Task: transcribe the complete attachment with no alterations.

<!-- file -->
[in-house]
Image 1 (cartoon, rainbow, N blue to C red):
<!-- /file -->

[in-house]
Image 1 (cartoon, rainbow, N blue to C red):